In order to gain widespread acceptance as an industry, blockchain applications need to develop a reputation for protecting the public—from fraud, market manipulation by bots, money laundering in cryptocurrency exchanges, and hackers’ exploitation of code vulnerabilities in smart contracts. For their part, representatives of blockchain companies involved with initial coin offerings (ICOs) expressed in a roundtable with Rep. Warren Davidson that the lack of regulatory clarity on cryptocurrency classifications and compliance issues hampered their ability to take decisive action when launching new startups. Regulatory uncertainty may also negatively impact user behavior and cryptocurrency price volatility, with blockchain advocate Aviya Arika arguing in a Cointelegraph interview that “When an investor/user is not sure about how they are going to be taxed when they sell their crypto, or about the mere legitimacy of their use of crypto, they will most likely steer clear of it altogether or just hold until further notice. These behaviors lead to a bearish market.”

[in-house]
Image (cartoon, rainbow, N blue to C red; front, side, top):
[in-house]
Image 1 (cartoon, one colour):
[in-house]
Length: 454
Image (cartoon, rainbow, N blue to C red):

Government regulation can be helped through technological innovation. There have already been promising signs that artificial intelligence can be used to detect pump and dump market manipulation schemes by analyzing the social sentiment behind bitcoin’s price fluctuations. Additionally, while much has been written about the concern that cryptocurrencies could facilitate the funding of illegal activities such as terrorism, money laundering, and drug trafficking, two of their attributes can in fact empower the government to discover such law violations. Because many blockchains are public, distributed ledgers, and the identities of those involved with bitcoin transactions are pseudonymous rather than anonymous, blockchain can be used by law enforcement to trace and prosecute cybercrime.